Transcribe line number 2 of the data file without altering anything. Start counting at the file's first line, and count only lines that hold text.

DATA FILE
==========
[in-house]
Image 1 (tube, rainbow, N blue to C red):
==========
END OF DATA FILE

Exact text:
Image 1 (tube, rainbow, N blue to C red):